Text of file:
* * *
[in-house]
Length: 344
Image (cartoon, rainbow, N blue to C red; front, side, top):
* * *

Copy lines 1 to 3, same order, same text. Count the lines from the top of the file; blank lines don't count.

[in-house]
Length: 344
Image (cartoon, rainbow, N blue to C red; front, side, top):